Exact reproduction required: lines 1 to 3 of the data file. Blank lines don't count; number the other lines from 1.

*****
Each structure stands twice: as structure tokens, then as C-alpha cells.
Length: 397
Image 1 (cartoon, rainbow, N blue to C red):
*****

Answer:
Each structure stands twice: as structure tokens, then as C-alpha cells.
Length: 397
Image 1 (cartoon, rainbow, N blue to C red):